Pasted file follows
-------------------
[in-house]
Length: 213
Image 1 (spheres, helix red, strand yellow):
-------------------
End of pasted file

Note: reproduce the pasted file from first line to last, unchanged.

[in-house]
Length: 213
Image 1 (spheres, helix red, strand yellow):